Under the Tuscan Sun
Anyone who knows me knows that I’m an avid reader. I usually read an average of 2-3 books each week as I’m always reading mulitple books at one time. I normally read a business or sales related book (which right now I’m just finishing “How to Be A Power Agent in Real Estate” which is UNBELIEVABLE) as well as one or two fictional books. Very rarely do I even talk to people about the fictional books I’m reading as I really do it for pleasure and rarely is there any lesson learned that is important for me to spread. This week I’ve been reading a book entitled “Under the Tuscan Sun” by Frances Mayes. It was published in the mid 1990′s and there was eventually a movie made about it. It’s a very casual read… something you’d take to a beach. This morning as I was crawling through chapters something really profound hit me. This book is about a husband and wife who buy and restore an abandoned villa on the Tuscan countryside. It speaks to the enjoyment, hard work, and accomplishment in owning a house. It speaks to the sense of wonder at the history and memories built into ones home. I’m not quite done with this novel but it has enlightened me to look at my own home in a very different way. Yesterday my house was just a place where I slept and an investment in my future. Today my home is something that I made… it’s a place to build memories and to sculpt a future.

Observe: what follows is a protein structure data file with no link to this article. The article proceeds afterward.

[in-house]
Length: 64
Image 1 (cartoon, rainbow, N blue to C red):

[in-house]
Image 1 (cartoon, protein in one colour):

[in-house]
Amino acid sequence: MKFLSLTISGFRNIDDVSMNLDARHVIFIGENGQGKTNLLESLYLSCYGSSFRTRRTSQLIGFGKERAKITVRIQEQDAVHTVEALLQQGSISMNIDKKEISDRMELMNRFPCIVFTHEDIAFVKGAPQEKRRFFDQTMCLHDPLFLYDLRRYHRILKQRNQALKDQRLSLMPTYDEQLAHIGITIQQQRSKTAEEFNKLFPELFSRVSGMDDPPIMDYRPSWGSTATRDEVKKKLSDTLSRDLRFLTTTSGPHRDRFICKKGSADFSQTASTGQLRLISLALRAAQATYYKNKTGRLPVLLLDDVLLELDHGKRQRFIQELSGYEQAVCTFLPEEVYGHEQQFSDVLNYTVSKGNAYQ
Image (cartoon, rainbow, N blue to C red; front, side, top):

Ok… so where am I going with this? As an owner of a successful real estate firm I can’t help but notice that most of us have really gotten away from appreciating what it means to own a home. The newspapers, television, and even us real estate agents speak about the value property has today like it’s a dollar bill we’ve found on the ground. What’s this house worth today? How much was it worth last week? Has the market bottomed out? Should I buy today because what if my house is worth less next year? HAVE WE ALL GONE CRAZY? We are speaking here about the American Dream! Homeownership has become a currency like a share of stock in Google! When our grandparents and great grandparents bought homes did they sit there and struggle about how much they could sell it for in three years. Absolutely not. They saved and saved every penny they had so that they too could have the opportunity of owning their piece of the dream… a place where they could raise families, have barbecues, eat family dinners…. a place to laugh, cry, and honor time as it slipped on by.
I don’t think we are all that different from our grandparents who really appreciated a home for what it represented. If we were, stores with the likes of Home Depot and Lowes wouldn’t be cropping up on every corner. I do, however, feel that as an industry we all need to concentrate less on the monetary value of real estate. This is not a share of Google we are talking about folks, it’s one’s little postage stamp sized spot in the world where memories are built and futures are molded.